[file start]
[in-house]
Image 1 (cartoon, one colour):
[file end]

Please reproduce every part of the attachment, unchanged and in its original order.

[in-house]
Image 1 (cartoon, one colour):